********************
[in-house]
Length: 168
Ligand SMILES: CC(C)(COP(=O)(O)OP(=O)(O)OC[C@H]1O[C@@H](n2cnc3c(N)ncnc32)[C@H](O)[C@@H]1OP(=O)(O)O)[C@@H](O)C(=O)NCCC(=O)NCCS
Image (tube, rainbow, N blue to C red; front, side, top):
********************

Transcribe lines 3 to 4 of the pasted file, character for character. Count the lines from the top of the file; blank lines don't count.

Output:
Ligand SMILES: CC(C)(COP(=O)(O)OP(=O)(O)OC[C@H]1O[C@@H](n2cnc3c(N)ncnc32)[C@H](O)[C@@H]1OP(=O)(O)O)[C@@H](O)C(=O)NCCC(=O)NCCS
Image (tube, rainbow, N blue to C red; front, side, top):